Pacific NorthWest LNG president Michael Culbert shared some details last week over the company’s plans moving forward after the Canadian Environmental Assessment Agency (CEAA) report was released in February.
Following the report’s advisory that adverse environmental effects may be caused to harbour porpoise in the area due to sound concerns, and that the area would experience adverse effects due to greenhouse gas emissions (GHGs), Culbert detailed the company’s initial response.
“In the case of porpoises, absolutely we will have ideas as to what can be done to mitigate noise as far as that construction process goes,” said the president, adding that the company understands the sound threat to be temporary, with the adverse sounds ceasing once the facility is operational.
“On the greenhouse gases, we have submitted, and it was included in the report, that through technology improvement and design, we’ve actually reduced the GHGs associated with our original design … In addition to that and in addition to the way the federal government would like to look at GHGs, we were also asked to comment on our natural gas supply, which is coming from the Montney Shale Gas Basin in northeast British Columbia,” said Culbert.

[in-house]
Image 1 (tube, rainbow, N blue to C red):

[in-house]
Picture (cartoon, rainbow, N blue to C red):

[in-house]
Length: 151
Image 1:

“And the good news there – on average the Montney formation has significantly less GHGs than the average North American natural gas supply, so again we’re targeting a formation development of that unconventional ‘geogas’, as it’s referred to, which is very low on GHGs. So, all in all the GHGs are some of the lowest that we can possibly achieve in Canada both in technology of the LNG facility as well as the selection of a natural gas supply.”
The president added that the company would look into buying or building offsets under the carbon offset program developed by the Province of B.C. down the road when the credit system is more fleshed out.
The company will continue its dialogue with First Nations in the area by facilitating long-term environmental monitoring measures with weather, storm and fish data all the way through the construction phase and into the lifespan of the terminal.
“The discussions with First Nations are ongoing and sharing of information and collaborative discussions continue on all fronts with all the First Nations. So I think we’ve got some positive support from the First Nations Chiefs and that’s very much appreciated,” said Culbert.
Pacific NorthWest LNG will now wait for the 30-day public input period to be completed on March 11, followed by CEAA preparing a final report and submitting it to the Minister of Environment. Following her decision on the project’s effects, the project will go to review under the federal Cabinet in Ottawa.